Re: ACI vs Rangefinder
its interesting to hear the different opinions of hunters from different parts of the country.
most sports are played the same regardless of location.
long range hunting dosent seem to work that way.
obviously the type of terrain we hunt in plays a major role in how we go about doing what we do.
im a native pennsylvanian, this will be my 62nd year of hunting the mountanious area of north central pa.
this is the area where long range hunting as we know it, had its beginnings.
all the hunting here is by what you might call the ambush method.
much is from mountain to mountain, or across a big hollow on the same mountain.
virtually none is done by moving from place to place.
everybody uses large tripod mounted binnoculars, usually made up with spotting scopes in pairs.
game is found by glassing hillsides. most people hunt as part of a group of 2 or more.
those who hunt alone, usually shoot up to 500yds. or less.
the spotter system is the norm. the spotter runs the show, the shooter takes direction from him.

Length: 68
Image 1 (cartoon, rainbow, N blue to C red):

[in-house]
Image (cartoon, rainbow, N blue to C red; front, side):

first shot hits are always strived for, but just move on if you miss.
experienced shooters usually see their hits, and will quite often just crank over to the hit. no counting clicks or adding minits.
a sighter shot at a rock is fairly common, especially beyond 1000yds, and more so with wind.
many of the older hunters are still using the equiptment they used years ago.
the exception being scopes, the old unertles still work fine, but theres not enough field for novice shooters like grandkids.
weather stations, wind meters, and calculators are not used or at least kept out of site.
im sure i know at least 100 long rangers and to my knowledge none use them.
we have accurate click charts.
we take a range, add the corrections, and shoot.
then listen for orders from the spotter.
pretty simple system.